An American Marriage is a really good book, an easy read and the first third of the book was so amazing – to add to that, the topics An American Marriage deals with are really relevant: racism, the judicial system, loyalty, family and marriage, which I think are the reasons why it was chosen for Oprah’s Book Club. It’s a good book for creating discussion, for sure. But it’s not, in my opinion, the greatest book written by a woman in 2018, the most innovative and unique, the most creative. Tayari Jones is an amazing writer, there is no doubt about that. But the Women’s Prize for Fiction is about more than just a good book people will like – it’s about giving a voice to a group of writers who used to be (and still are) constantly silenced and dismissed as “serious” authors. I don’t mind if the main character is unlikable and if the book is not one I loved and will die for – but it needs to have something more, a challenge perhaps on the way it’s written, on the way the main character is, on the plot, anything really. The themes are important and definitely need to be talked about and represented more in fiction, but that does not change the fact that An American Marriage is a conventional contemporary, even if a very good one, and does not bring anything new. So it’s disappointing.
I would have been happy with most of the books that never made it to the shortlist winning the prize, but I’m not surprised by this result at all. The entire prize has been, so far, giving off a vibe of trying to please the crowd instead of challenging it. An American Marriage is the safest book of the entire longlist. It would have been a truly satisfying ending to see The Pisces or Ghost Wall win, they both felt like they had that extra oomph that a lot of the other books don’t. Continue reading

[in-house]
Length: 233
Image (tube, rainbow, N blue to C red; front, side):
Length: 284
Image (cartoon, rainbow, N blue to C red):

For those who didn’t know, I’ve been making my way through the Women’s Prize Longlist for 2019, together with Rachel, Callum, Sarah, Hannah and Steph! I’ve finished by now 9 and half books, having left some that I expect to be new favorites for last! Today we got the much awaited shortlist, and if you didn’t see it yet, here are the ones that made it:
It’s been a shock to everyone not seeing Ghost Wall & Normal People make the shortlist. I haven’t read those two yet, but from the blurb I’ve been hearing, they were such favorites. That The Pisces didn’t make it isn’t entirely a surprise, but a huge disappointment! This was such a strange, daring book and I hoped it would win the Women’s Prize. The Pisces spoke to me in such a deep level and brought to surfice all kinds of uncomfortable feelings, plus it was quirky and unique and quite brilliant. I’m saddened that the list is immediately less ambitious and original by the simple fact that The Pisces didn’t make it. Continue reading
Let’s try an experiment.
I am doubtful of star ratings of books. Unlike your average Amazon purchase of household items (“The shelf works well, goes with my furniture! 5 stars”, “This goddamn pair of shoes ruined my life. 1 star”), books are a very personal experience. Ratings are normally done in one of the following ways:
- Via emotional response. I LOVED THIS BOOK, 5 stars. THIS MADE ME SOB SO MUCH, 5 stars. It was okay, 3 stars. Wow, the only emotions this provoked on me where utter cringe-y ones, 1 star.